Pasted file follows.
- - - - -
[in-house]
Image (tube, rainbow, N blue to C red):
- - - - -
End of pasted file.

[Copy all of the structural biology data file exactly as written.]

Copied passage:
[in-house]
Image (tube, rainbow, N blue to C red):